Teen told she can't wear headscarf in JROTC parade - WSMV News 4

Teen told she can't wear headscarf in JROTC parade

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A national Muslim civil rights group has filed a complaint with the Williamson County Schools after a freshman at Ravenwood High School was told she could not march in the homecoming parade with her Junior Reserve Officers' Training Corps class while wearing a religious headscarf.

Fourteen-year-old Demin Zawity told The Tennessean she felt like crying when her commanding officers told her she couldn't march. The scarf covers the hair and neck and is worn by many Muslim women as a sign of modesty.

Schools spokeswoman Carol Birdsong said the district follows military regulations for the U.S. Army program.

Zawity's mother, Perishan Hussein, contacted CAIR, who then sent a letter to the Williamson County Schools last week asking for a policy change.

The Council on American-Islamic Relations sent the Oct. 13 letter to schools Director Mike Looney asking for an apology for the teen and a change of policy for the local JROTC program.

In its letter to the school district, CAIR National Legal Counsel Nadhira Al-Khalili wrote the following:
"It is unconscionable that a school district would enforce a third party's discriminatory policy. This failure to protect religious rights sends a negative message to students of all faiths and sets a precedent that could be used to restrict the rights of future JROTC participants ... We do not believe that a prohibition on students wearing religiously-mandated head coverings serves any compelling governmental interest."

Below is a statement from LTC Matt Hackathorn, the public affairs officer for the U.S. Army Cadet Command:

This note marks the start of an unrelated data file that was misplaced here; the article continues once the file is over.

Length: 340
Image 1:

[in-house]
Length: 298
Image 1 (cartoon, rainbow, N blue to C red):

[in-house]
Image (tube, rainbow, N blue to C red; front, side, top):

"Current Army JROTC policy requires students participating in the program to adhere to a uniform standard outlined in regulations consistent with Department of the Army policy.  Based on current policy, the Senior Army Instructor and school officials at Ravenwood acted appropriately with counsel from the school's attorney. A comprehensive review of Army JROTC policy found that a full headscarf wrapped completely around the head and neck was
inconsistent attire for an official uniformed ceremony. That said, Army Junior ROTC officials are reviewing the program's current policies, regulations and procedures to ensure consistent application and enforcement of uniform standards across the Command.  Army Junior ROTC is
a world-class citizenship program that does not wish to be seen as discriminating against individuals for any reason, to include race, religion, or ethnicity."

"It's a little scary the way it's ballooned and gotten all over the place," Hussein said of the media attention the incident has gotten. "I'm not trying to be vengeful. I'm an American to the
core. There is always room for improvement."


Portions of this story are from The Tennessean

Copyright 2011 WSMV. All rights reserved. The Associated Press contributed to this report.

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